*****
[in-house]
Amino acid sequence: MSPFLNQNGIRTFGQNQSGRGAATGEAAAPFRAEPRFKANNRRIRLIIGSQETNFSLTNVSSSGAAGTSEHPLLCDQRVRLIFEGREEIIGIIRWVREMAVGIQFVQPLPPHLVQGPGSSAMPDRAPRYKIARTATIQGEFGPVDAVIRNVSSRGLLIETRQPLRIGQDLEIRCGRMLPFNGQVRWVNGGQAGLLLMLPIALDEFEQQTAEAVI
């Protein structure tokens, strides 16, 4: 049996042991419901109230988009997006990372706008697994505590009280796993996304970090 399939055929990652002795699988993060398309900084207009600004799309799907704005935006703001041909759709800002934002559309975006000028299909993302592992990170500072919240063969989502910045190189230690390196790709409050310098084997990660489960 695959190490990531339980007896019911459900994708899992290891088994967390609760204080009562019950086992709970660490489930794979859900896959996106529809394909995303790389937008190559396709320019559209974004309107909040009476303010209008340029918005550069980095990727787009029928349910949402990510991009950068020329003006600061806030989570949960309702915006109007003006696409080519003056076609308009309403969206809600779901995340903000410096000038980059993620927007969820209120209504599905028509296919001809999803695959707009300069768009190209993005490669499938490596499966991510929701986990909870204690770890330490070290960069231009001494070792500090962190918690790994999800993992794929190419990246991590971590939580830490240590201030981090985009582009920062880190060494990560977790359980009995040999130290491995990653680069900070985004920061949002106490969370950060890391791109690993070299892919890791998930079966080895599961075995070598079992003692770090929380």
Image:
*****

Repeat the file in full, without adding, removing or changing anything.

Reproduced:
[in-house]
Amino acid sequence: MSPFLNQNGIRTFGQNQSGRGAATGEAAAPFRAEPRFKANNRRIRLIIGSQETNFSLTNVSSSGAAGTSEHPLLCDQRVRLIFEGREEIIGIIRWVREMAVGIQFVQPLPPHLVQGPGSSAMPDRAPRYKIARTATIQGEFGPVDAVIRNVSSRGLLIETRQPLRIGQDLEIRCGRMLPFNGQVRWVNGGQAGLLLMLPIALDEFEQQTAEAVI
């Protein structure tokens, strides 16, 4: 049996042991419901109230988009997006990372706008697994505590009280796993996304970090 399939055929990652002795699988993060398309900084207009600004799309799907704005935006703001041909759709800002934002559309975006000028299909993302592992990170500072919240063969989502910045190189230690390196790709409050310098084997990660489960 695959190490990531339980007896019911459900994708899992290891088994967390609760204080009562019950086992709970660490489930794979859900896959996106529809394909995303790389937008190559396709320019559209974004309107909040009476303010209008340029918005550069980095990727787009029928349910949402990510991009950068020329003006600061806030989570949960309702915006109007003006696409080519003056076609308009309403969206809600779901995340903000410096000038980059993620927007969820209120209504599905028509296919001809999803695959707009300069768009190209993005490669499938490596499966991510929701986990909870204690770890330490070290960069231009001494070792500090962190918690790994999800993992794929190419990246991590971590939580830490240590201030981090985009582009920062880190060494990560977790359980009995040999130290491995990653680069900070985004920061949002106490969370950060890391791109690993070299892919890791998930079966080895599961075995070598079992003692770090929380």
Image: